Mr. Sherwin: I have made my point and I hope the Minister will consider it. Perhaps this is legislation, too. The Minister proposes to introduce legislation for the redistribution of seats this year. I would ask him to consider granting the vote—if it is in order for him to do so—to persons of 18 years of age.
Mr. Sherwin: I think the Minister is quite progressive and means well. As far as housing in Dublin is concerned, so long as he does not hold up the sanction of our flat schemes I shall be quite satisfied and so will the housing authority.
Mr. Belton: I would like to draw attention to the remark made by Deputy Corry. He said there was no hold up in housing because of the amount of money provided by the Government for the purpose. I am aware that there is as much money available now to local authorities as there was in 1956. During 1956 the Dublin Corporation found difficulty in getting money to carry through the housing programme. A sum of £4,000,000 was guaranteed by the Government to the corporation to carry out its full housing programme, for three or four years following the application for that money. As far as I am aware, as a member of the corporation, they carried on as speedily as before. Some people may argue that the number employed on housing diminished considerably at that period. That is so, and particularly so because the interest charges under the small dwellings loans were raised considerably. The number of people looking for houses under the  Small Dwellings Acquisition Acts diminished also.
There is at present in the Dublin Corporation area just as big a demand for corporation houses as there was five or six years ago. Unfortunately, Dublin City has expanded to such an extent that the districts in which the corporation build their houses—Ballyfermot, Finglas, Coolock and so on— are a long distance away from where the proposed tenants have their employment. As Deputy Sherwin pointed out, it may mean another 12/- a week on to the tenant's rent to get to the source of employment. Because of this, the corporation will be forced in the near future to devote practically all its attention to the construction of flat dwellings. Certain business areas which had great scope 15 or 20 years ago have now reached a stage where the business people are really worried about the drop in their trade, because the districts have been depopulated. The Dominick Street area, and such areas, of necessity had to be cleared of housing to enable the corporation to plan for the future.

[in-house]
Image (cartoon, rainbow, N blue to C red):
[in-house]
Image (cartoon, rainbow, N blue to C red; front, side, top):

I suggest that, as the Dublin Corporation at the moment confine their activity to four and five-storey flats, they should consider erecting flats of ten to 12 storeys. I understand there is a report in the Department concerning this matter. I have been informed, rightly or wrongly, that five-storey flats with a lift would be an uneconomic proposition, but if the flats were higher than six storeys the installation of lifts would make it a very economical proposition and they would be more suitable to the tenants. The Minister should give consideration to the idea of erecting corporation flats of a height of ten or 12 storeys.